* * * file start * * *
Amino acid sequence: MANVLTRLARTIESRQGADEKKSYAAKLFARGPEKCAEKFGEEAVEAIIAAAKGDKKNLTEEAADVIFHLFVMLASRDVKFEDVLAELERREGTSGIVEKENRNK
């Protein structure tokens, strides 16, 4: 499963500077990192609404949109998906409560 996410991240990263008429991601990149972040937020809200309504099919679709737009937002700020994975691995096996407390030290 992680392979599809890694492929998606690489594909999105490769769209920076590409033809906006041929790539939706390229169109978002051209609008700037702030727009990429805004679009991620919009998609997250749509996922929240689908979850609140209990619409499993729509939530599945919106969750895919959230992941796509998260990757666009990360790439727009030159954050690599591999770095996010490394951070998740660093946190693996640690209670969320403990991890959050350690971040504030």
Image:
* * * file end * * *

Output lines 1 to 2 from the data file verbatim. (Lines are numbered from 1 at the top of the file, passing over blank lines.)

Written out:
Amino acid sequence: MANVLTRLARTIESRQGADEKKSYAAKLFARGPEKCAEKFGEEAVEAIIAAAKGDKKNLTEEAADVIFHLFVMLASRDVKFEDVLAELERREGTSGIVEKENRNK
């Protein structure tokens, strides 16, 4: 499963500077990192609404949109998906409560 996410991240990263008429991601990149972040937020809200309504099919679709737009937002700020994975691995096996407390030290 992680392979599809890694492929998606690489594909999105490769769209920076590409033809906006041929790539939706390229169109978002051209609008700037702030727009990429805004679009991620919009998609997250749509996922929240689908979850609140209990619409499993729509939530599945919106969750895919959230992941796509998260990757666009990360790439727009030159954050690599591999770095996010490394951070998740660093946190693996640690209670969320403990991890959050350690971040504030």